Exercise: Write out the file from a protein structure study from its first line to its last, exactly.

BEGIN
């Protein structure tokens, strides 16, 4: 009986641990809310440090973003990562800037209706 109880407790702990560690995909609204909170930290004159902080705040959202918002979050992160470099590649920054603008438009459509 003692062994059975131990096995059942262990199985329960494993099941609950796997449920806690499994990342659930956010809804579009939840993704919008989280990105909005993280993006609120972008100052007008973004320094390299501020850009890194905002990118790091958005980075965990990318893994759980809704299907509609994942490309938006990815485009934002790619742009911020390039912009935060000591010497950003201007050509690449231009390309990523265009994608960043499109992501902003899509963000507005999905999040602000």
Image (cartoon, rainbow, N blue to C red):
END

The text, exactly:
């Protein structure tokens, strides 16, 4: 009986641990809310440090973003990562800037209706 109880407790702990560690995909609204909170930290004159902080705040959202918002979050992160470099590649920054603008438009459509 003692062994059975131990096995059942262990199985329960494993099941609950796997449920806690499994990342659930956010809804579009939840993704919008989280990105909005993280993006609120972008100052007008973004320094390299501020850009890194905002990118790091958005980075965990990318893994759980809704299907509609994942490309938006990815485009934002790619742009911020390039912009935060000591010497950003201007050509690449231009390309990523265009994608960043499109992501902003899509963000507005999905999040602000």
Image (cartoon, rainbow, N blue to C red):